Olav Sorenson

Anderson Graduate School of Management

University of California, Los Angeles

United States

Olav Sorenson is the Joseph Jacobs Chair in Entrepreneurial Studies, professor of strategy, and faculty director of the Price Center for Entrepreneurship & Innovation at the Anderson Graduate School of Management at UCLA. Professor Sorenson’s research on economic geography focuses on how entrepreneurship influences the growth and competitiveness of regions within countries and on why some regions appear more supportive to entrepreneurs than others.

Voting History

Statement Comments
The COVID-19 pandemic has permanently changed how companies should think about business strategy. Agree “In many ways, business will eventually return to normal. But the disruptions caused by the pandemic should highlight for firms the costs of inflexibility. Companies will probably move toward creating more redundancy in their supply chains. They may also generally adopt strategies that shift the balance of their costs away from fixed costs toward variable costs.”
The COVID-19 pandemic will lead companies to relocate infrastructure and employees away from dense urban locations. Agree “I would expect companies to create more redundancy across locations in their operations. But global cities remain attractive in terms of the amenities that they offer and may become relatively more attractive in terms of transportation centrality. So, companies will probably continue to keep many employees in those places.”
The California Consumer Privacy Act will undermine the targeted advertising market by giving consumers the right to opt out of allowing companies to sell personal data to third parties. Strongly Disagree “Many consumers will not bother to take advantage of these rights. Even for those who do, companies can still target their advertising based on non-identifying information, just not to the degree that they have been able to do.”
Antitrust policy should intervene more decisively to limit the scope of large technology platforms. Agree “Platforms are clearly able to leverage their power across services — an antitrust issue. But I am not sure that we have a good handle on the extent to which their ability to do so hurts consumers. But it probably reduces the variety of services available and may slow innovation.”
The Business Roundtable’s new Statement on the Purpose of a Corporation indicates a shift away from shareholder value maximization as the sole purpose of the corporation and toward a broader view of value creation.
This shift will have material impact on the well-being of U.S. workers.
“According to the statement, these leaders believe that they already focus on more than just shareholder value. It's not clear that they consider this a change in practice. It will take more than just a statement of values to make a difference for workers — CEO incentives, corporate governance, and/or regulation will need to change as well.”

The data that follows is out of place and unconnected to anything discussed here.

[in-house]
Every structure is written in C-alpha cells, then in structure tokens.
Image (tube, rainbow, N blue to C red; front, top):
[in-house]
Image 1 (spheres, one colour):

In the next decade, we will see the first sustainably profitable private commercial activities in space. Agree “Early activities will probably center around satellite delivery (and possibly repair).”
Introducing 5G networks 3-5 years ahead of other countries will give Chinese firms an advantage. Disagree “If China actually beats other countries by three-plus years, it probably would give Chinese firms an advantage. But it’s unclear that they will. 5G has already begun being deployed in Korea and the U.S. It’s also not clear whether the version that China adopts will become the standard. If it does not, early deployment might even become a disadvantage.”
A hard Brexit will have a significant negative impact on many businesses, even if they do not have a U.K. or European presence. Disagree “The tough part of this question is the final clause. I have little doubt that Brexit will be bad for U.K. businesses and possibly for EU businesses as well. But for firms without much of a presence in this market, a hard Brexit might end up being a positive if it reduces the competitiveness of EU and U.K. rivals.”
China is no longer the most attractive growth opportunity for Western multinationals. Disagree
In the next five years, the blockchain will have a transformative effect on finance in emerging markets. Disagree “Blockchain may reduce transaction costs and the extent of corruption, but many types of contracts will still depend on local institutions for enforcement.”
In the absence of a carbon tax, industry self-regulation can help mitigate the worst fallout from climate change. Strongly Disagree
Amazon’s new $15 per hour minimum wage will force other companies to follow suit. Agree “I do not think that these spillovers would come from direct competition in the labor market but rather from political pressure. If a firm that has been pushing prices for consumers down can still pay a reasonable wage, what excuse do others have for not doing so?”
Restrictions on skilled immigration will cause US firms to to shift more operations overseas. Agree “If firms cannot get the talent that they need at home, they will need to shift more work abroad. But the upward wage pressure could also lead more U.S. citizens to pursue the jobs in question.”
Uber has to develop self-driving cars in the next 10 years in order to remain viable. Strongly Agree “I’m not sure that Uber is viable now. But to the extent that they need self-driving cars, it seems that they could purchase them from a company with more expertise in autos or AI (e.g., GM or Tesla).”
A trade war will be more disruptive to business than to consumers. Strongly Agree “Consumers can more easily adjust what they choose to buy than businesses can shift the locations of their supply chains.”
Concern over consumer privacy will fundamentally limit businesses’ ability to use big data. Agree “Firms can benefit even from anonymous data, and they will try to skirt regulations, but the EU will probably lead the way in imposing limits.”